Sunday, December 7, 2014

Nutrition in the News

Some nutrition articles this week were interesting.  Peeling that apple, then maybe you are losing some nutritional benefits.  Is there a mineral that helps prevent cancer? 
Many people don’t like the peel of apples and thus cut it off or buy apple slices in a bag with no peel.  Eating fruit is a healthy habit.   The  Centers for Disease Control and Prevention   reports, “Statistics from a 2013 Centers for Disease Control and Prevention survey show nearly 40% of Americans eat fruit less than one time a day”.   The good news is, over 60% of us are eating fruit one or more times a day.  So eating apples is good, eating apples that are not peeled is even better.
  • Double the fiber – leaving the peel on doubles the amount of fiber you get from eating the apple
  • Potassium – the peel adds 25% more potassium
  • Vitamin A – apples are not a great source of vitamin A, but leaving on the peel adds 40% more vitamin A 
                Compounds such as polyphenols and ursolic acid are in apples.  Doesn’t sound appetizing but one dietitian notes, “Animal studies have shown that ursolic acid may have an effect on burning more calories, weight loss and improved glucose control”  (Washington Post)
Cooking tip – I make a batch of brown rice which takes about 45 minutes to cook.  About halfway through I add some slices of cooking apples, with the peel on.  It adds great flavor to the rice and is so easy to make.  Many people who won’t eat the apple peel will eat it when cooked.
Are there foods to promote weight loss?
WebMD has an interesting slide show, Weight Loss Slideshow:  Bad Foods That Are Good for Weight Loss.  What are some of their recommended “bad” foods?
  • Eggs – many people avoid eggs because of the cholesterol.  But even the American Heart Association has lightened up on eggs.  One egg a day is fine for most of us.  Eggs are loaded with nutrition and are the “gold standard” for protein.  Eating eggs at breakfast can add protein to your breakfast and make you fell fuller longer. I always like to say, “Protein has staying power”.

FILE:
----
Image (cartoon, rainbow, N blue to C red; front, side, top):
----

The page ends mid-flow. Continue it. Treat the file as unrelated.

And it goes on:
• Steak – yes, Web MD includes steak.  Lean cuts of steak, that is such as tenderloin or sirloin.  But not a 16 ounce steak.  A serving of steak would be the size of the palm of your hand.Pork – the other white meat as the pork industry likes to say.  Pork tenderloin is leaner than days gone by, by as much as 31%.  White pork can add protein to your diet and not a lot of fat.
  • Pasta – pasta is low in fat and many avoid because of “carbs”.  Try whole grain pasta which adds many nutrients to your diet.  Or, if you haven’t developed the taste for whole grain pasta, try 25% whole grain and 75% regular pasta.  Work up to at least 50-50.  As I noted in an earlier post, eating whole grains helps reduce belly fat.
  • Nuts – a handful of nuts a day is such a healthy habit.  One of Dr. Oz’s recommendations.  WebMD likes nuts because of their protein, fiber, and many nutrients.  A great snack.  At a party over the holidays, by-pass some of the junk and have a handful of nuts.  Many people avoid nuts thinking they are fattening but WebMD noted, “In one study people who ate a handful of nuts a day were slimmer and even lived longer.”

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